Employer branding helps connect brands with talent that can make them even better.
And when it comes to effective employee branding, storytelling is the secret sauce!
Storytelling is one of the unique things that makes us truly human. Even if you’re not a writer, you’re still a storyteller. People tell fun stories to one another all the time: Around the dinner table, at the bar, and – of course – on social media.
But even that only scratches the surface on storytelling.
People are constantly telling and seeking stories that make sense of their own lives. That’s one of the reasons journalism is organized the way it is. We also tell stories in our own minds without even thinking about it, contemplating our experiences and what they mean.
It’s not surprising, then, that storytelling matters in employee branding.
Workers – especially millennials – want to feel connected with the places where they work. They want to see values in action and have a meaningful connection to what they do daily.
Employers benefit, too, since that sense of connection leads to employee engagement.
To become “employers of choice,” many top brands have crafted powerful narratives as the centerpiece of employer branding. A purpose-driven story can educate, entertain, convince, and inspire all in just minutes, especially when great digital storytelling techniques are used.
Let’s learn from some of the most powerful storytelling campaigns in the employee branding world over the last few years.
1. Accenture: #InclusionStartsWithI
Accenture is one of the top management consultancies in the world and is already known for excellence in employer branding. It has to structure all its recruitment efforts “just right” to tempt world-class talent willing to take the plunge in a notoriously challenging work environment.
That makes this campaign – an adjunct to its famous Employee Resource Groups – a high-stakes effort that paid off handsomely. Accenture’s viral video was covered by outlets including Diversity Inc. and Fortune, giving heft to its detailed reporting on employee diversity.
Accenture discovered phenomenal ways to make its brand more palatable to energetic, educated millennials, particularly the MBAs that are its bread and butter: Transparency, honesty, and a communication strategy that leveraged employee-generated content to the utmost.
2. Microsoft: Microsoft Life
Microsoft is one of the top tech brands in the world, but it is fighting to reclaim its luster as an employer. With a reputation for being stodgy and straitlaced (fueled by hip competitor Apple) it has been struggling against the tide. Stories of harsh employee evaluations added to its woes.
Microsoft needed a platform where it could reposition itself and take control of its own narrative. Enter Microsoft Life, in the form of both a blog and an Instagram account. Fun articles and short videos by employees have helped revitalize employer branding for the enterprise.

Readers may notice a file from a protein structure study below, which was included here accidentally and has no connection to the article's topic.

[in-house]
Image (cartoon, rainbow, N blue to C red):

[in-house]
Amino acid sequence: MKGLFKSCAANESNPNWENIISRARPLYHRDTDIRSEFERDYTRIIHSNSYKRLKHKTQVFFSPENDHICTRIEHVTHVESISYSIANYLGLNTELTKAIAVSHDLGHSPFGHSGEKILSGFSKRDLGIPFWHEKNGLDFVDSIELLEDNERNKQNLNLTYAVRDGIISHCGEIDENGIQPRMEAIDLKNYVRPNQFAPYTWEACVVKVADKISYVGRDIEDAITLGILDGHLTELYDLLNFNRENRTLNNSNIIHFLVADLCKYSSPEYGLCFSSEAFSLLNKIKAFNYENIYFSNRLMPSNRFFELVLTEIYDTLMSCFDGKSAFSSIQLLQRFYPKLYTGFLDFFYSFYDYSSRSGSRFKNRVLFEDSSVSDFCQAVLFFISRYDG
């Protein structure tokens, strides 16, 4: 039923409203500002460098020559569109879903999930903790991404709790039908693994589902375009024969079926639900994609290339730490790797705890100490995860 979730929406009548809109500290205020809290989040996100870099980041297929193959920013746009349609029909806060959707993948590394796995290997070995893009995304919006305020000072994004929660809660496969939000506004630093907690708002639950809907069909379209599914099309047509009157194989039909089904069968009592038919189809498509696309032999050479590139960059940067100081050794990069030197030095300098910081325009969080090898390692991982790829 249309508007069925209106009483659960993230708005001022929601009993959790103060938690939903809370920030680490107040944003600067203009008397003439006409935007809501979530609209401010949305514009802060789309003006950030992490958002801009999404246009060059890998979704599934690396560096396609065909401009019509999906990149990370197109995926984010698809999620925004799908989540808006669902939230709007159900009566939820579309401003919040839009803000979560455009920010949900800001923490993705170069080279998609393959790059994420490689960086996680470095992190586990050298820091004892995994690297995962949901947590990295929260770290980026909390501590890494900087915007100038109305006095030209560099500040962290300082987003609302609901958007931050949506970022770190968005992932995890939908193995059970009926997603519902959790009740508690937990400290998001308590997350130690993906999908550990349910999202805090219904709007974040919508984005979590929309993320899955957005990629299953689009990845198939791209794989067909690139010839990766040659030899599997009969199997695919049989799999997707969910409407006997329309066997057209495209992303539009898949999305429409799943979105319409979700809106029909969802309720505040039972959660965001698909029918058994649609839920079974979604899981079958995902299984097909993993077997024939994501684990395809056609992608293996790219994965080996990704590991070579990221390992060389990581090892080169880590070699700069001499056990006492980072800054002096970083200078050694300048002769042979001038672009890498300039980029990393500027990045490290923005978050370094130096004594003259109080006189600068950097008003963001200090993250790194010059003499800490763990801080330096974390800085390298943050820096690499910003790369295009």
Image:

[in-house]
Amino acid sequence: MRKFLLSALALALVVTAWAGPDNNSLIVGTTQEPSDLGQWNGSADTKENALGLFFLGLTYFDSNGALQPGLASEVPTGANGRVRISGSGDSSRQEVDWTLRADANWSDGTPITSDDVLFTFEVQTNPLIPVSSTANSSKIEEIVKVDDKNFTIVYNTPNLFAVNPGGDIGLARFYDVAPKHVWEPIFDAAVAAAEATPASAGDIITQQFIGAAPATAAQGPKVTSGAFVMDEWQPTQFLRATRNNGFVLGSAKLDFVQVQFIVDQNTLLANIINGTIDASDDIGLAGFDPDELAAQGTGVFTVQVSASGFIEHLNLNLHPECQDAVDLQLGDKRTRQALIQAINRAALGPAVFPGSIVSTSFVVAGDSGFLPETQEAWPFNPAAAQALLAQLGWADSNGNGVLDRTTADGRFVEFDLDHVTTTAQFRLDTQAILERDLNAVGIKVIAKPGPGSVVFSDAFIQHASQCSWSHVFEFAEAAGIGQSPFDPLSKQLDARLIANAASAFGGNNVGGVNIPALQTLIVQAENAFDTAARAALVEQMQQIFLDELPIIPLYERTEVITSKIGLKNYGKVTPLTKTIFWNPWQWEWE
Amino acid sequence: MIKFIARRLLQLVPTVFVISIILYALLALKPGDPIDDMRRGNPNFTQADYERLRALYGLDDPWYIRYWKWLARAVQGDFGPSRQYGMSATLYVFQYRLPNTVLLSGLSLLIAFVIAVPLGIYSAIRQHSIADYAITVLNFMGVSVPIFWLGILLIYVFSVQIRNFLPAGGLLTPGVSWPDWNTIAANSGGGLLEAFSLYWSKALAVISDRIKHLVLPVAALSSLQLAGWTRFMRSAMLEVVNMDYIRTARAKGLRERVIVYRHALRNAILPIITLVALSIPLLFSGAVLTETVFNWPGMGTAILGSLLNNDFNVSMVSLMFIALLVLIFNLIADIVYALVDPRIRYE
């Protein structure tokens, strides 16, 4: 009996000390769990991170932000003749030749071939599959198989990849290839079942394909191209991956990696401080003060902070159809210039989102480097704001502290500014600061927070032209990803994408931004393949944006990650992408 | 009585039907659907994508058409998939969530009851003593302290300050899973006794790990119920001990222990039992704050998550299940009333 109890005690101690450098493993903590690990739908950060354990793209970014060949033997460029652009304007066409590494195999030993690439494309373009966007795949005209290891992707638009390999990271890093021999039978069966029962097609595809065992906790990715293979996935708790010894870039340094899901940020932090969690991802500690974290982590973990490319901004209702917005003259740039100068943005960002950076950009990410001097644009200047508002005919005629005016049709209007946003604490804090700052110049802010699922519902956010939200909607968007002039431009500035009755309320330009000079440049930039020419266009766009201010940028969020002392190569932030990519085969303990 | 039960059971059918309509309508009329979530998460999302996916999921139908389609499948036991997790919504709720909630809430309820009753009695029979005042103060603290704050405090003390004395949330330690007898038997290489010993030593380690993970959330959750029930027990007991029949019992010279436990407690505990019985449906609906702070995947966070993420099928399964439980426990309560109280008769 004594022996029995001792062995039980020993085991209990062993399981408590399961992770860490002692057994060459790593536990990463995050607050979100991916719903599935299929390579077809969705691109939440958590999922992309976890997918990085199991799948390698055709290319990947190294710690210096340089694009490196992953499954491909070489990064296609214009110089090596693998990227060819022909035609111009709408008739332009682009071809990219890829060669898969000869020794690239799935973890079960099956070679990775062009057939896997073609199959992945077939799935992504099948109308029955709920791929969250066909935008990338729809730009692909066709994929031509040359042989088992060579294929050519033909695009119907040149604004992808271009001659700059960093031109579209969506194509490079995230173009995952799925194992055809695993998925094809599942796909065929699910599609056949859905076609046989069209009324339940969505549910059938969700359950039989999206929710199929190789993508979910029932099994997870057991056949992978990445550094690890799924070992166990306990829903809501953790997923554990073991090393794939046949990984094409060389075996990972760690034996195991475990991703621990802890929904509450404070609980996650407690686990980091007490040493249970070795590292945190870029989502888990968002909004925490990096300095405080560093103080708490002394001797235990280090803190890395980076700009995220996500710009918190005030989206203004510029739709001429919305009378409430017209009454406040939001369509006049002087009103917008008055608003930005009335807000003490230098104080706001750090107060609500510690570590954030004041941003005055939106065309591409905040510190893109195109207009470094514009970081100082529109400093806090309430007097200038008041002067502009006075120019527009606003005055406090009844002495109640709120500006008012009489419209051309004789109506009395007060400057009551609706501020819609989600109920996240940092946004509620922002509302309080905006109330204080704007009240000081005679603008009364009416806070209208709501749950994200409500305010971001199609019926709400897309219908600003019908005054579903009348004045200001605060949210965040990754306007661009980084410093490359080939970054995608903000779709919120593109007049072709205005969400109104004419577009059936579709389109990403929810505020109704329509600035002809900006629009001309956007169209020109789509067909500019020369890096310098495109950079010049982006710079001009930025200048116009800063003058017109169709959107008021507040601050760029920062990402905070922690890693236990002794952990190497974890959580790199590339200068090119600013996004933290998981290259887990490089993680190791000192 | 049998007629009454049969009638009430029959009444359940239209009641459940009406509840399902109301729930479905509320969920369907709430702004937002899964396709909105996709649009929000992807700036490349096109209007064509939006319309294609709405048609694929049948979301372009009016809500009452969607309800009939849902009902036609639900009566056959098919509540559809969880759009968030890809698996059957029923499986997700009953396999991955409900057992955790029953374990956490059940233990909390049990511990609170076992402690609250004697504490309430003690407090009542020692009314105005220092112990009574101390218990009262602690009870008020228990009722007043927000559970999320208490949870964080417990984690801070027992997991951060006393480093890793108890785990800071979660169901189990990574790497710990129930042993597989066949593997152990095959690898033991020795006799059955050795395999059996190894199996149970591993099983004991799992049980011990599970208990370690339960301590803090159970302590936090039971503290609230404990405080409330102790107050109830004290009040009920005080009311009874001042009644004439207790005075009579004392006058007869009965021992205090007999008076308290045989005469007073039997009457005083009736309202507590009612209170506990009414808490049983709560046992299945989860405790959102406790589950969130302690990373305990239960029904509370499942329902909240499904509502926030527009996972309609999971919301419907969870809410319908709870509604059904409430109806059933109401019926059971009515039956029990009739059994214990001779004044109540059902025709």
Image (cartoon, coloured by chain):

The voices represented in the Microsoft Life campaign are diverse and the stories compelling. Plus, it has given the company the opportunity to shine a spotlight on what makes the brand unique: Fun, yet state of the art workspaces, cool projects, and awesome conferences.
3. Salesforce: Ohana
Salesforce has strived to position itself as a values-driven organization. As the original pioneer in the world of sales enablement technology, however, it has found itself running up against smaller, more nimble competition. It needed a way to bring its strong values to the fore.
It found its formula in Ohana, a facet of Hawaiian culture. Ohana means family, as anyone who has watched Lilo and Stitch knows. The Salesforce spin on the concept is Ohana isn’t just your family, but all those you choose to be around you – yes, including co-workers.
With that in mind, Salesforce launched its Ohana project on Instagram, showing teams working together to make the world a better place. It demonstrates a level of employee engagement and brand ambassadorship that says good things about working there.
4. Etsy: Parental Leave
It might seem employer branding is all about appealing to new grads and looking the coolest.
But there’s more: It showcases the ways you’ll back your team members when they need you. That can come along in many different forms – and at all different stages of life.
Etsy decided to make a stand for robust parental leave, and in the process, it showed how its values converge with the lives of its employees. Its parental leave video is both touching and informative, positioning it as a champion for employees in a crucial time.
When it comes to today’s workplace, companies need to offer more than a paycheck. Vision, core values, and practical action on both drive top candidates to your door.
Employer branding is an outgrowth of the search for meaning. Stories both share and shape that meaning, so think hard about what your brand’s most important stories are.